Springdale’s newest elementary school dedicated to Tontitown, named for former Superintendent Jim Rollins

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school of innovation

A school of innovation is a school that transforms teaching and learning and defines innovation as “a new or creative alternative to existing teaching and administrative practices”.

Source: Arkansas Department of Education.

TONTITOWN — Officials, parents and students celebrated the grand opening of the Jim D. Rollins School of Innovation on Friday.

The Springdale School District’s 18th Elementary School, located on Fletcher Avenue in Tontitown, opened its doors to students in kindergarten through fifth grade last fall. Construction began in October 2020 and continued through February, according to a press release.

The 92,103-square-foot school cost about $20.4 million to build and was financed through a combination of bond products, available construction funds and state partnership funds, the statement said. It has an enrollment of 335 students but can accommodate up to 700.

The dedication ceremony honored former superintendent Jim Rollins, the building’s namesake. Rollins served the school district for 40 years, including 38 as superintendent. He resigned in 2020 to serve as president of the Northwest Technical Institute in Springdale.

“It’s an incredible honor to have my name on the school,” Rollins said. “I love the Springdale School District; I love everything it stands for. It has been the privilege of my life to be the superintendent of this school district and to work with wonderful educators over the years.”

The new school is a daily celebration of Rollins’ living legacy, Superintendent Jared Cleveland said.

“Dr. Rollins has served the children of the Springdale School District in remarkable ways for nearly 40 years, blazing the trail for innovative educational pathways and providing all children with the opportunity to achieve the American Dream prepared by a classroom-based public education. world,” he said.

It’s impossible to imagine the number of students, teachers and families Rollins has touched during his career, said school board chair Michelle Cook.

“He paved the way for so many people in our community — doctors, nurses, teachers, administrators, business people, farmers, engineers, lawyers, welders — I could go on and on,” Cook said. “I would be hard pressed to find a part of Northwest Arkansas that he didn’t touch. He made each of us better, our community better and continues to do so today.”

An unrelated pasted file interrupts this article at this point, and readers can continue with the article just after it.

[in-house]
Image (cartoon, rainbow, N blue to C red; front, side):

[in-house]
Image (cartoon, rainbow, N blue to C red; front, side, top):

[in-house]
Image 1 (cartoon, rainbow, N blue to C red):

When Rollins began working in the Springdale School District, Springdale’s population was 23,000, according to council member Kevin Ownbey. Since then, the population has grown to 86,000 and the student population to 23,000, he said.

Under Rollins’ leadership, the district constructed 26 school buildings, as well as leadership development buildings, libraries, media centers, school health clinics, performing arts centers, and wholesale renovations totaling $377 million, Ownbey said.

However, Rollins’ vision was even more impressive than the development he oversaw, Ownbey said. It embraced population growth and demographic changes and was able to meet the needs of the entire community, he said.

Rollins has developed some of the best programs in the state, including the District’s English as a Second Language Program, Family Literacy Program, Professional Development Program, Environmental and Space Technology Initiative, and Community Support Services. students, Ownbey said.

Rollins’ most visionary act was to facilitate innovative learning methods that put the tools of learning in children’s hands when he established the Don Tyson School of Innovations, Ownbey said.

“Dr Rollins has always embraced growth and vision for the future, created opportunity and set excellence as the norm, built community partners and put learning for all first,” said Ownbey.

The goal of the new elementary school is to continue the tradition of excellence that has been established in the district and to lead innovative teaching and learning practices, said principal Annette Thompson.

“For Dr. Rollins, we will follow in your footsteps as innovators and creators,” she said. “Our students will understand how they learn best and have the opportunity to apply their learning.”

Tontitown Mayor Gene McCartney shared the story of education in the community. When the city was created in 1898, the school was a church, a school and a residence for the priest. It was incorporated into the Springdale School District in 1949, he said.

The town continued to have a primary school until 1987.

“Today we can return and once again build on this wonderful legacy through the town of Tontitown,” he said. “We are again seeing courses being held right here on our doorstep.”

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